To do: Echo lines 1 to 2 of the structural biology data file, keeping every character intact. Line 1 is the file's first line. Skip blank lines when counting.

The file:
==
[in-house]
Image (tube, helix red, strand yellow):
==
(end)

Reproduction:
[in-house]
Image (tube, helix red, strand yellow):